The British Paralympic Association (BPA) is one of the longest established organisations for disability sport worldwide and the British team has historically been one of the largest and most successful teams. From 1960 until 1972 all athletes had a spinal cord related disability (SCRD = spinal cord injury/spina bifida) hence the rationale for choosing SCRD athletes only. It was not until 1976 athletes with limb deficiencies started participation (also visually impaired athletes and later cerebral palsy 1980).
The impact of sporting activity on future health across a lifetime, is an important consideration for all sports participants. A risk assessment by sports, results in an improved understanding of the risk of participation and outlines the priorities for injury prevention is essential. For athletes with a disability, this is even more important as the ability to perform activities of daily living on an ongoing basis may be significantly impaired by injury in sport.
This project began in 2014 and is still ongoing.
The aim of this pump priming pilot study is to determine the size of the paralympic population of sports participants with spinal cord injury. This will be used to calculate the sample size for the main study using a power calculation. It will also develop a data base of participants who have indicated that they would be happy to participate in the main study. The main study will retrospectively compare British Paralympic spinal cord injured athletes (from 1960 onwards) to a control group of spinal cord injury non-sporting athletes.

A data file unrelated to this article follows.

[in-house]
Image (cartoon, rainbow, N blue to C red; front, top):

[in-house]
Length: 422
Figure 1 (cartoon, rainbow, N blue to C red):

The outcome measures will examine shoulder pain and quality of life. The data will be matched for age, gender and lesion level.
The hypothesis is that former paralympian athletes will be fitter, more active, have less pain, a lower BMI and body weight than the non-sporting controls. The data will also be explored to determine the relationship of pain to activity, overuse injury and development of arthritic changes in relation to sporting activity. The main study will inform future healthcare needs.
Associate Professor Anne Mandy
Professor Nick Webborn
The British Paralympic Association (BPA)